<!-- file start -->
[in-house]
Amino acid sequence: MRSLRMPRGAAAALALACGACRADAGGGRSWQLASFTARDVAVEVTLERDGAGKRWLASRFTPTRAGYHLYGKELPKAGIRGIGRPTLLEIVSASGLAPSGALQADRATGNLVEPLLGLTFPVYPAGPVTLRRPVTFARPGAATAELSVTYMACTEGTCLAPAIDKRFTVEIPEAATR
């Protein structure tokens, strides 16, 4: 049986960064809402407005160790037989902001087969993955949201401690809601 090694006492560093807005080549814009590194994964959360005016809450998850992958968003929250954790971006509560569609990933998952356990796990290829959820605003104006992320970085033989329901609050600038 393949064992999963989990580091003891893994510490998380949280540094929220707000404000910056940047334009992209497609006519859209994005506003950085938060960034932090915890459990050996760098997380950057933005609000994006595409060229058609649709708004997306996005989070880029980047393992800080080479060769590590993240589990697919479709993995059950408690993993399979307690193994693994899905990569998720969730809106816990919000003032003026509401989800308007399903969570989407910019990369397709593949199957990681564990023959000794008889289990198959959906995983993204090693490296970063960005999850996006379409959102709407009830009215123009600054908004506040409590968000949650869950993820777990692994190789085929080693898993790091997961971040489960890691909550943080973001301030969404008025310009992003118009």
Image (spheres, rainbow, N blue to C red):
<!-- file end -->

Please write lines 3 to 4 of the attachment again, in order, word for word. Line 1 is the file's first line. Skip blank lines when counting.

């Protein structure tokens, strides 16, 4: 049986960064809402407005160790037989902001087969993955949201401690809601 090694006492560093807005080549814009590194994964959360005016809450998850992958968003929250954790971006509560569609990933998952356990796990290829959820605003104006992320970085033989329901609050600038 393949064992999963989990580091003891893994510490998380949280540094929220707000404000910056940047334009992209497609006519859209994005506003950085938060960034932090915890459990050996760098997380950057933005609000994006595409060229058609649709708004997306996005989070880029980047393992800080080479060769590590993240589990697919479709993995059950408690993993399979307690193994693994899905990569998720969730809106816990919000003032003026509401989800308007399903969570989407910019990369397709593949199957990681564990023959000794008889289990198959959906995983993204090693490296970063960005999850996006379409959102709407009830009215123009600054908004506040409590968000949650869950993820777990692994190789085929080693898993790091997961971040489960890691909550943080973001301030969404008025310009992003118009």
Image (spheres, rainbow, N blue to C red):